A note on the local nomenclature: While the city is ringed by superb fortified walls, mostly dating from the 13th century, “gates” have nothing to do with portcullises. In York, that kind of gate is a “bar.” “Gata” is Old Norse for street. The Vikings blew into York during the 800s, and by 954, when the Saxons threw them and their leader, Eric Bloodaxe, out of the city, they had imprinted the place with their genes (there was a lot of intermarriage), their mercantile values and their language.

York’s street names are often directional: Fossgate leads to the River Foss; Castlegate goes to the castle. They reveal the local trade, maybe name-check a landmark or important person: Swinegate was the pig market; Colliergate, the coal market; Spurriergate where they made spurs. Gillygate is named for the Church of St. Giles and Davygate for David le Lardinier, Henry III’s kitchen manager.

York’s best street name has to be Whip-Ma-Whop-Ma-Gate, which may have something to do with the town’s whipping post. Or not. Whatever it means, it’s on the way to lunch. I head for the highly recommended J. Baker’s Bistro, home of “moderne” Yorkshire cuisine, where I’m greeted by an amuse-bouche of tiny potatoes served with sea salt and local goat cheese. Then a cup of “pumpkin froth,” followed by Whitby crab and smoked cod roe, all from within 50 miles.

After such fleshly indulgence, I figure I’d better take in another church or two. All Saints Pavement (so named because it sits on one of York’s first paved roads), has a lacy lantern on top, built in 1400. It was lit at night to help guide travelers through the wolf-infested Forest of Galtres north of the city.

Now a cafe and shop selling crafts from developing nations, the 900 year-old St. Michael’s Spurriergate is a restful place to have a cup of (extremely good) fair-trade coffee. The church was “made redundant” years ago and sold off, though it retains its early English Gothic arches and many monuments to parishioners on the walls and the floor.

But the loveliest and most poignant of York’s smaller churches is St. Martin le Grand. In 1942, the Luftwaffe bombed York, killing nearly 100 people. Most of the building burned, except for the south aisle and the tower. It was restored after the war as a memorial to peace and forgiveness. One of the German bombardiers who’d carried out the air raid traveled to York a few years ago to apologize to the people. I sat in a pew, watching as the windows threw muted colors from the glass onto the stones. Some of the stained glass is contemporary, but there’s a huge medieval window illustrating the life of Saint Martin of Tours, the patron saint of soldiers.

York’s spirituality and wealth combined to make it, after London, the most powerful city in medieval England. The Yorkshire Museum’s artifacts attest to the city’s importance: extraordinary objects such as the York Helmet, an 8th-century masterpiece with a brass noseguard etched with interlaced animal designs; the Anglo-Saxon Gilling Sword; the Viking Cawood Sword; and the elaborate silver bowls enjoyed by the elite of 1,400 years ago.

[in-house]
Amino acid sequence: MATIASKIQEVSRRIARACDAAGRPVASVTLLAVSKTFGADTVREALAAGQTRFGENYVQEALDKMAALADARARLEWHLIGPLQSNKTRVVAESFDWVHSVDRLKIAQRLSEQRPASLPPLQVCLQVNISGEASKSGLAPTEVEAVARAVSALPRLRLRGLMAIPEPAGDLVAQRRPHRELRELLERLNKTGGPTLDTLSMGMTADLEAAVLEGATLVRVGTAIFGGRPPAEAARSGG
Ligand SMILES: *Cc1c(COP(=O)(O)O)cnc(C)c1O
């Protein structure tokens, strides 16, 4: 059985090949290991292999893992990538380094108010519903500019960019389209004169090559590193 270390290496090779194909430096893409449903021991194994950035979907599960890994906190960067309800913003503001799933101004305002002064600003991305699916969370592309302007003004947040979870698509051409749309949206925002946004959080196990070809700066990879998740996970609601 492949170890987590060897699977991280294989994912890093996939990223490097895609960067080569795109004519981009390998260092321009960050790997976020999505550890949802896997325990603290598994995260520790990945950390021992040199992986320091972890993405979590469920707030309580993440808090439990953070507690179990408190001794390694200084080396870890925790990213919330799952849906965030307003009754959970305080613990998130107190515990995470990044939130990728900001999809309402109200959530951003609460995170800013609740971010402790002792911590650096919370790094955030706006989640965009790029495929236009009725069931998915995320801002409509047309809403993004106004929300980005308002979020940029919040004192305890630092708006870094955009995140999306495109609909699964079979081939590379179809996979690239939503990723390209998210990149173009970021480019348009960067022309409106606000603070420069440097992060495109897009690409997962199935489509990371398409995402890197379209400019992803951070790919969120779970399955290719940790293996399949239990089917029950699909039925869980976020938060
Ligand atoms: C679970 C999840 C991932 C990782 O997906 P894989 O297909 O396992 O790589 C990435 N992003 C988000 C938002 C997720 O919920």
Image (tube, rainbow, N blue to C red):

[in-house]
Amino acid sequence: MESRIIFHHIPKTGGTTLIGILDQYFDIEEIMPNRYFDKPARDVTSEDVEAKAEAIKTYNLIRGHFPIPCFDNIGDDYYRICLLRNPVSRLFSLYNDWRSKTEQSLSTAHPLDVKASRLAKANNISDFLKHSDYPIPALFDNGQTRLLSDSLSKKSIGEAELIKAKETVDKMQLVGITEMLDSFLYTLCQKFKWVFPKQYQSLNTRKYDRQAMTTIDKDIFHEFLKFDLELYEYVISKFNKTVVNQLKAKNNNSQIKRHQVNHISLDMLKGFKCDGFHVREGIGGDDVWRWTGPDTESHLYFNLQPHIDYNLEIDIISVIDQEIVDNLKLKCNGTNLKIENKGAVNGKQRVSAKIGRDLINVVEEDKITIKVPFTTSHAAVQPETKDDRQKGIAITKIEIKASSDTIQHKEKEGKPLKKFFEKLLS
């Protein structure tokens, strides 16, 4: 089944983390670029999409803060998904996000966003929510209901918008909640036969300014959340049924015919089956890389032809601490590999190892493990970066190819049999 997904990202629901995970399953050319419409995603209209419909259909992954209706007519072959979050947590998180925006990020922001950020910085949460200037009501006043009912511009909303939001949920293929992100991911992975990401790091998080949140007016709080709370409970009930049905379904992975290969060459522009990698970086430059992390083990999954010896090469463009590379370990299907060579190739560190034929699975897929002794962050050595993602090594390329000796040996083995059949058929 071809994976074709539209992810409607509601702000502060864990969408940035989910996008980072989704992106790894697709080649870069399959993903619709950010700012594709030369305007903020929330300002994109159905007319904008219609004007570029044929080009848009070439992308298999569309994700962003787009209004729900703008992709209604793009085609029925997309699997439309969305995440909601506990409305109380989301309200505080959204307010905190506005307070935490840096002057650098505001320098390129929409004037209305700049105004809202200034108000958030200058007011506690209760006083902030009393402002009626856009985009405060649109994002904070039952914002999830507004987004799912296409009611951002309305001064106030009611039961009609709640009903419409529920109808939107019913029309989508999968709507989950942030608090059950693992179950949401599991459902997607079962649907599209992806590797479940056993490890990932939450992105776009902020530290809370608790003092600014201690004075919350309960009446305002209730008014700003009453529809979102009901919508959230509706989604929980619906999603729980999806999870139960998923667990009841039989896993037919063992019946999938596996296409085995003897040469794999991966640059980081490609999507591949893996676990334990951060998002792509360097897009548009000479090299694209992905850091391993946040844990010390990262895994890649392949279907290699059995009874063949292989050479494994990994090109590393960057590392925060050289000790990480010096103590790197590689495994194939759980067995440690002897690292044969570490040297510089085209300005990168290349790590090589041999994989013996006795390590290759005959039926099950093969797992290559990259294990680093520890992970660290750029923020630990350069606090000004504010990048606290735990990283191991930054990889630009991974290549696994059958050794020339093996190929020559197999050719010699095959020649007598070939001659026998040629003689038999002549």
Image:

The museum sits amid the 13th-century ruins of St. Mary’s Abbey, once the richest monastery in England. One of the museum’s treasures was on my mind as I indulged in a little fantasy shopping. In 1985, a guy with a metal detector messing around at nearby Middleham Castle uncovered a spectacular gold pendant, probably made in the second half of the 15th century. The Middleham Jewel is engraved with the Trinity on the outside, has a piece of the True Cross inside and sports a 10-carat sapphire. From the gold Viking arm bands in the museum to the jewelry shops in Stonegate, people around here like their bling. The window at Barbara Cattle (45 Stonegate) blazes like a five-alarm fire with diamonds and rubies and pearls only slightly smaller than golf balls.

Thank God it was nearly time to meet Rebecca in Davygate at the city’s most celebrated eatery. Now, I’m sure that Davy was a fine fellow, but the place ought to be renamed Bettygate: Betty’s Cafe and Tea Rooms is a festival of butter, large pieces of meat and great hunks of cake served on proper china by waitresses in starched white aprons who address you as “madam.” Rebecca tells me that “everyone comes to Betty’s.” And judging from the long queue (Betty’s does not take reservations), she’s right.

Betty’s Cafe is a monument to Yorkshire food: sausages from the Vale of York, pork from Stillington, Samuel Smith’s beer and curd tarts. But it’s also as Swiss as a secret bank account. It was founded in 1919 by an emigre confectioner named Frederick Belmont and is still family-owned, and the menu includes rosti, cheese specialties from the Engadine and, of course, sinful chocolate. Rebecca and I order glasses of Fendant de Sion, a perfumey Swiss white wine, and I agonize over whether I want scrambled eggs with meltingly rich smoked salmon (Betty’s serves breakfast all day) or local ham with new peas.

As for dessert, well, you can go for the Coupe Matterhorn, homemade ice cream smothered in Betty’s Swiss chocolate sauce and whipped cream and accompanied by little chocolate pastries. Or you can just buy a box of handmade dark chocolate langues de chat and a bag of Fat Rascals (scones exploding with candied fruit), go sit in front of the nearest church and contemplate the sin of gluttony.

Roberts is a commentator for NPR and the BBC. She divides her time between London and Tallahassee, Fla.